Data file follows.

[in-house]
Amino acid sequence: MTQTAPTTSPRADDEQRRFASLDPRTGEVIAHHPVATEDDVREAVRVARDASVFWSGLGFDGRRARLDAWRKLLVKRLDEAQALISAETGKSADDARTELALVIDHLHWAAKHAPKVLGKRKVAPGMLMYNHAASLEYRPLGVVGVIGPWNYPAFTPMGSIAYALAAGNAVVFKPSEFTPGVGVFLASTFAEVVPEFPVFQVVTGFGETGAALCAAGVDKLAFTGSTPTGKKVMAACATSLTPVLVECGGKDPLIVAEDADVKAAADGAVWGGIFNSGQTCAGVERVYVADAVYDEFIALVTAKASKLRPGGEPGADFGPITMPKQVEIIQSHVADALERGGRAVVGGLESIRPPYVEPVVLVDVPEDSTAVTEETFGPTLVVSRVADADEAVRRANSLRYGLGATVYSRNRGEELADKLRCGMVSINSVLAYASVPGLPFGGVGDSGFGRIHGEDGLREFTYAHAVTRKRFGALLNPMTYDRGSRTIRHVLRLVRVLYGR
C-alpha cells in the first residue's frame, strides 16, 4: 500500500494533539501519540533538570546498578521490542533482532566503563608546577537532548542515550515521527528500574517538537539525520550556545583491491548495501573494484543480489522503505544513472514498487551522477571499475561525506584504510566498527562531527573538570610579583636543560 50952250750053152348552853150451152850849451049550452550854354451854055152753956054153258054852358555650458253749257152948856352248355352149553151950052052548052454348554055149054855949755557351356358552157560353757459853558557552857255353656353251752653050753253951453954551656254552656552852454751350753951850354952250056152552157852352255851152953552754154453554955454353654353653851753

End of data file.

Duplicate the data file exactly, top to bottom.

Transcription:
[in-house]
Amino acid sequence: MTQTAPTTSPRADDEQRRFASLDPRTGEVIAHHPVATEDDVREAVRVARDASVFWSGLGFDGRRARLDAWRKLLVKRLDEAQALISAETGKSADDARTELALVIDHLHWAAKHAPKVLGKRKVAPGMLMYNHAASLEYRPLGVVGVIGPWNYPAFTPMGSIAYALAAGNAVVFKPSEFTPGVGVFLASTFAEVVPEFPVFQVVTGFGETGAALCAAGVDKLAFTGSTPTGKKVMAACATSLTPVLVECGGKDPLIVAEDADVKAAADGAVWGGIFNSGQTCAGVERVYVADAVYDEFIALVTAKASKLRPGGEPGADFGPITMPKQVEIIQSHVADALERGGRAVVGGLESIRPPYVEPVVLVDVPEDSTAVTEETFGPTLVVSRVADADEAVRRANSLRYGLGATVYSRNRGEELADKLRCGMVSINSVLAYASVPGLPFGGVGDSGFGRIHGEDGLREFTYAHAVTRKRFGALLNPMTYDRGSRTIRHVLRLVRVLYGR
C-alpha cells in the first residue's frame, strides 16, 4: 500500500494533539501519540533538570546498578521490542533482532566503563608546577537532548542515550515521527528500574517538537539525520550556545583491491548495501573494484543480489522503505544513472514498487551522477571499475561525506584504510566498527562531527573538570610579583636543560 50952250750053152348552853150451152850849451049550452550854354451854055152753956054153258054852358555650458253749257152948856352248355352149553151950052052548052454348554055149054855949755557351356358552157560353757459853558557552857255353656353251752653050753253951453954551656254552656552852454751350753951850354952250056152552157852352255851152953552754154453554955454353654353653851753